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The new wave of Pacific migration: Thousands leave Auckland for the South Island Featured

Ta'ufo'ou Mataka with her children Lydia 7, Akameta 1, Taufoou, John, 5, and Maryanne 8. Ta'ufo'ou and her husband swapped a life in Auckland for a life in regional New Zealand. Ta'ufo'ou Mataka with her children Lydia 7, Akameta 1, Taufoou, John, 5, and Maryanne 8. Ta'ufo'ou and her husband swapped a life in Auckland for a life in regional New Zealand.

The new wave of Pacific migration: Thousands leave Auckland housing crisis behind for life in the provinces by Lewis Taylor

 Ta'ufo'ou​ Mataka hasn't looked back since leaving her Auckland home four years ago for a new life in Timaru.

The mother of four​ moved to the South Island when her husband, Misimana​ Mataka, accepted a job as a fishing ship engineer, and is one of thousands of Pacific Islanders leaving Auckland for a fresh start in the South Island.

According to Statistics New Zealand, several thousand Pacific Islanders have left Auckland for greener pastures in towns like Oamaru and Ashburton, the exodus being fuelled by increased employment opportunities and more affordable housing.

Ta'ufo'ou Mataka is part of what appears to be a third great wave of Pacific Islander migration into and across New Zealand.

Earlier waves in the 1970s and 1990s saw Pacific Islanders move into the inner city Auckland suburb of Ponsonby, and then on to the city's southern suburbs.

Tongan Society of South Canterbury President Siesina Latu.

Mataka said she would never consider moving back to Auckland.

"Timaru is big enough but not too big" she said "it's quiet, it's a good place to raise children."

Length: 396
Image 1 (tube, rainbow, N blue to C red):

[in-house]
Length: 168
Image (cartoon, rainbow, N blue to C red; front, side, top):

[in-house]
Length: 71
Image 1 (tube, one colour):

"It's easy to adapt to life here, there is a big Tongan community."

Ofa Boyle is the manager of the Fale​ Pasifika O Aoraki Trust, which assists Pacific Islanders in the South Island regions of Mid-Canterbury, South Canterbury, and North Otago by helping them connect with government organisations to access support services.

Boyle believes movement of Pacific Islanders to regional areas is a "big event" in New Zealand's cultural history.

"A merged Islander and traditional (European New Zealand) culture is emerging" she said.

According to 2013 census figures, 3711 Pacific Islanders moved from Auckland to North Island regions between 2006 and 2013, and a further 975 Pacific Islanders moved from Auckland to the South Island during the same period.

Young members of the Tongan Society of South Canterbury at a Timaru school during Tongan Language Week in 2016.

And they're not just coming from Auckland. Work approvals figures released by the Ministry of Business Innovation and Employment show 1273 work visas were approved for Pacific Islanders to work in Auckland in 2016-2017, while 1208 were approved for Pacific Islanders to work in the regions.

Ofa Boyle believes these movements of people goes even further than what plain statistics might illustrate.

"There's always new families arriving here," Boyle said.

"When we ask where they come from, it's always Auckland."

There were 500 Pacific Islanders were recorded as living in Oamaru in 2013, now that figure would be closer to 2000.

The main motivators for people moving from Auckland to regional centres was job availability and housing affordability, Boyle said.

Other motivators were a desire to be closer to family members, as well as overcrowding in Auckland.

Tongan students celebrate their culture during Tongan Language Week in 2016.

While the new arrivals are bringing their own foods and customs, they tend to integrate well in to their new surroundings, Boyle said.

Boyle fears mass migration of Pacific Islanders to the regions could create the same overcrowding issues experienced by many families in Auckland, however.

"We have applied for emergency housing for many Pacific families," she said.

Growth in the general Pacific Islander population in the regions is reflected in the growth of individual Pacific Island communities.

The Tongan Society of South Canterbury has seen numbers well from 40 founding members last year to more than 120.

Members of the Tongan Society of South Canterbury at a Timaru school during Tongan Language Week in 2016.

Secretary Pauline-Jean Luyten​ said Tongans were coming to South Canterbury to work in places like the meatworks, the freezing works, and the fisheries.

Latu​ said they are staying because there is a strong sense of community in Timaru, which she attributed to a strong sense of family and Christian spirituality among Tongans.

- Sunday Star Times

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